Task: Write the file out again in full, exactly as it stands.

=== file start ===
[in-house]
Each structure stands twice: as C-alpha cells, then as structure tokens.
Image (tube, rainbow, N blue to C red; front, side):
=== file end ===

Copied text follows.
[in-house]
Each structure stands twice: as C-alpha cells, then as structure tokens.
Image (tube, rainbow, N blue to C red; front, side):